Sexual assault and harassment cases have been all over the national news—actors, politicians, coaches; it’s everywhere.
Tallahassee, and Florida in general, has not been immune. Already this year there have been sexual assault scandals in both the Tallahassee Police Department and the Leon County Sheriff’s Office. Recently, a TPD officer sexually assaulted a motorist during a traffic stop, and a Leon County Sheriff’s deputy did the same to a participant in a ride-along.
In Wakulla County, a student committed suicide last year after being sexually abused by a female teacher. Another Wakulla County teacher was arrested this year for sexual molestation and battery.
During this year’s legislative Session, our law makers allowed a bill meant to protect victims of human-trafficking founder and lose support in committee.
Clearly these institutions—ones we trust to protect ourselves and our children—schools, law enforcement, elected public servants—are not learning from their mistakes and are not hearing the voices of the victims. If they were, these crimes would not be happening over and over.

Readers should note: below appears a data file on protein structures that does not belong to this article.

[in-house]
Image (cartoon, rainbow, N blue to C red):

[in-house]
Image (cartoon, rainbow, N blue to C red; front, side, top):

If they were listening, they would be doing something about it by now.
And these are just the incidences we have heard of. When the perpetrator is someone in a position of trust—a teacher or a police officer, who puts on a great public face—it is even hard to speak up. The teacher that was accused was probably someone else’s favorite teacher. The law enforcement officer has probably received a commendation in his job. That doesn’t mean they didn’t cause harm. That doesn’t meant they should be allowed to cause harm. And that doesn’t mean there’s no hope of justice for their accusers.
At Fasig | Brooks we understand that sexual discrimination and assault occurs in all walks of life. We know it can happen to anybody, in any situation. We’re not afraid to take on law enforcement organizations, schools, hospitals—or anyone. No institution is untouchable when it comes to holding them responsible for the safety of everyone they hold a duty to.